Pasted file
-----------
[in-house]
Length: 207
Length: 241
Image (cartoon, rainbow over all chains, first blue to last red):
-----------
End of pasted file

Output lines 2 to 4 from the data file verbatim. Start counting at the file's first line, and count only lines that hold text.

Length: 207
Length: 241
Image (cartoon, rainbow over all chains, first blue to last red):